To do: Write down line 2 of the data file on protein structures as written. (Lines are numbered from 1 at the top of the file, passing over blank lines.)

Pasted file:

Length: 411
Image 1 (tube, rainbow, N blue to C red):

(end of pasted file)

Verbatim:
Image 1 (tube, rainbow, N blue to C red):